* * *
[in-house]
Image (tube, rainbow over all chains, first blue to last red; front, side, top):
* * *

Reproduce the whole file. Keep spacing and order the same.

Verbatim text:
[in-house]
Image (tube, rainbow over all chains, first blue to last red; front, side, top):